So now that Carlos Cordeiro has been elected president of the U.S. Soccer Federation, what’s next?
In the short term, probably not much. Cordeiro, a former Goldman Sachs executive, has promised to run the sport much like a CEO runs a major corporation. So, for the time being, expect a lot of committees being formed and a lot of studies being undertaken.
“My campaign was all about being more collaborative,” Cordeiro said. “I’ve long felt we had a great board. But that board has to be engaged. We’ve already put some committees in place. We’re going to add committees to what we have.
“By doing that, people get more involved and I think you’ll see a very different leadership going forward.”
That, ultimately, may prove to be the best approach. Because while the stunning failure of the U.S. national team to qualify for this summer’s World Cup set in motion the events that led to Cordeiro’s election, the structural problems underpinning that failure have been festering for years.
U.S. Soccer needs a new approach to youth development at the grassroots level and a solution to the pay-to-play barriers that have locked out kids from low-income homes. The relationships with state associations — the foundation of the sport — have to be repaired. Gender equity and the inclusion of immigrant communities must be addressed.
Cordeiro says he understands all that and wants to fix it. Yet that’s just the short list and accomplishing all of it could take years, making a deliberate, contemplative and coordinated campaign smart.
But there are pressing issues as well, chief among them the joint U.S.-Canadian-Mexican offer to stage the 2026 World Cup, which the new president calls the most important priority for the federation. The final paperwork for that bid, which is being steered by Sunil Gulati, the man Cordeiro replaced as president, must be filed with FIFA, the governing body for international soccer, next month.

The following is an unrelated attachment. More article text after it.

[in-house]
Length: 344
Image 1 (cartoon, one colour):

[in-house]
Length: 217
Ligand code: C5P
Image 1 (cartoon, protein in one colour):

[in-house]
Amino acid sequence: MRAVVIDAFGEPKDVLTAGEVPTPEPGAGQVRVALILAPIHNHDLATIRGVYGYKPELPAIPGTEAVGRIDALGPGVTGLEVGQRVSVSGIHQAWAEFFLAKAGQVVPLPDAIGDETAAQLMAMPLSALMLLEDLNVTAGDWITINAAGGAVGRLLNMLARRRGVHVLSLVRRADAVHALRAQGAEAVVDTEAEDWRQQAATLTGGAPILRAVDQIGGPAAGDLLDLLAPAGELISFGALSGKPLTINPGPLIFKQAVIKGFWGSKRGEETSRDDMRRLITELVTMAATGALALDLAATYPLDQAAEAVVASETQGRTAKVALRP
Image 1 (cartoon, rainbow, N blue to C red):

After that, Cordeiro and Gulati will begin an intense global campaign to lobby support for the plan. Morocco is the only other nation interested in hosting the 2026 tournament. A vote to determine the winning site will be held in June.
Cordeiro must also begin soon the process of creating, then filling, technical director positions for the men’s and women’s national teams, after which he will have to select a replacement for Bruce Arena, who resigned as coach of the men’s team after the qualifying failure last October.
Then there are the lawsuits, two of which were filed against the USSF board during the election campaign.
That’s a pretty big to-do list for a president who is basically an unpaid volunteer — albeit one running a $110-million business with 170 full-time employees and more than 4.4 million registered members. And some of the problems Cordeiro will be tackling are ones he may have had a hand in creating, since he was U.S. Soccer’s vice president the last two years and has been part of the federation’s leadership since 2007.
But he has bigger plans. Although the USSF more than doubled its budget in 12 years under Gulati, Cordeiro wants to quadruple it, to $500 million, pulling the U.S. even with or ahead of world powers England, Spain, France and Italy.
“Why are we focused on the World Cup? Because the World Cup is going to generate hundreds of millions of dollars to us,” he said a couple of hours after last week’s USSF election, held in a massive ballroom near the entrance to the Sea World amusement park in Orlando, Fla. “For us to seriously challenge these countries day in and day out, we need more resources. Those resources will go largely to the grass roots.”
Many are willing to give him a chance to make that happen.
“I was impressed with his ideas, his vision for the governance within U.S. Soccer,” said Stuart Holden, a World Cup veteran and a member of the Athletes Council, which voted as a bloc for Cordeiro, tilting the election in his favor. “I also loved that he was vulnerable in saying he is not the smartest soccer guy in the room and he wants to find the smartest soccer guys. That resonated strongly.”
Cordeiro, who is of Colombian, Portuguese and Indian descent, came to the U.S. at 15 but did not play organized soccer beyond his high school days in Miami. Instead he went on to earn a scholarship to Harvard before embarking on a career in finance that saw him work for leading banks in New York and London before joining Goldman Sachs, where he became a partner and managing director.
It’s an immigrant success story writ large. And it’s that immigrant experience, in addition to the financial experience, that will inform his work as USSF president — and may ultimately determine his success as well.
“For us to grow the sport into a preeminent position, we have to be more inclusive. We have to reach out to those underserved, more diverse immigrant populations,” he said after his election. “We have to reach and get them and bring them in.
“To the extent we can be successful in doing that, we’re going have a lot better players over time. The challenges are making soccer more affordable.”